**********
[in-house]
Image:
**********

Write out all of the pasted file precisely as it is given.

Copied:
[in-house]
Image: